// The None parameter is a GStreamer Element, which allows the logging system to
// print the element name and other things on the GStreamer side
// The 0 is for defining a color for the logging in that category
let logger = Logger::root(GstDebugDrain::new(None,
"mycategory",
0,
"Some description"),
None);
debug!(logger, "Some output with a number {}", 1);

With lazy_static we can then make sure that the Drain is only created once and can be used from multiple places.

All the implementation for the Drain can be found here, and it’s all rather straightforward plumbing. The interesting part here however is that slog makes sure that the message string and all its formatting arguments (the integer in the above example) are passed down to the Drain without doing any formatting. As such we can skip the whole formatting step if the category is not enabled or its level is too low, which gives us almost zero-cost logging for the cases when it is disabled. And of course slog also allows disabling logging up to a specific level at compile time via cargo’s features feature, making it really zero-cost if disabled at compile time.

Safe & simple Copy-On-Write

In GStreamer, buffers and similar objects are inheriting from a base class called GstMiniObject. This base class provides infrastructure for reference counting, copying (cloning) of the objects and a dynamic (at runtime, not to be confused with Rust’s COW type) Copy-On-Write mechanism (writable access requires a reference count of 1, or a copy has to be made). This is very similar to Rust’s Arc, which for a contained type that implements Clone provides the make_mut() and get_mut() functions that work the same way.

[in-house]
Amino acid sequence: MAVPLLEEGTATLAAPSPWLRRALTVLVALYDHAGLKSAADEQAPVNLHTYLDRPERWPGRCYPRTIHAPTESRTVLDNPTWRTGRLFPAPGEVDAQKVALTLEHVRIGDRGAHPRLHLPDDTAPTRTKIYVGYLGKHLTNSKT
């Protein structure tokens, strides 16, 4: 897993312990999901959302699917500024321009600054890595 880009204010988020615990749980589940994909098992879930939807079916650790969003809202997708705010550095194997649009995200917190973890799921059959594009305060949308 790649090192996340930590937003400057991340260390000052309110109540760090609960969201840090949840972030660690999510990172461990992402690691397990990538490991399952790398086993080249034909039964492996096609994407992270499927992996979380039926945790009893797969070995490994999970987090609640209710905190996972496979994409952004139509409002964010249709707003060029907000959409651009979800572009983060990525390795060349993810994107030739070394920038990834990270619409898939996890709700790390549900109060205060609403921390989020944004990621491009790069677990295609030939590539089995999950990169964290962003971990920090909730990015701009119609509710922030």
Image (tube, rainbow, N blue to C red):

Now we can’t unfortunately use Arc directly here for wrapping the GStreamer types, as the reference counting is already done inside GStreamer and adding a second layer of reference counting on top is not going to make things work better. So there’s now a GstRc, which provides more or less the same API as Arc and wraps structs that implement the GstMiniObject trait. The latter provides GstRc functions for getting the raw pointer, swap the raw pointer and create new instances from a raw pointer. The actual structs for buffers and other types don’t do any reference counting or otherwise instance handling, and only have unsafe constructors. The general idea here is that they will never exist outside a GstRc, which will then can provide you with (mutable or not) references to them.

With all this we now have a way to let Rust do the reference counting for us and enforce the writability rules of the GStreamer API automatically without leaving any chance of doing things wrong. Compared to C where you have to do the reference counting yourself and could accidentally try to modify a non-writable (reference count > 1) object (which would give an assertion), this is a big improvement.

And as a bonus this is all completely without overhead: all that is passed around in the Rust code is (once compiled) the raw C pointer of the objects, and the functions calls directly map to the C functions too. Let’s take an example: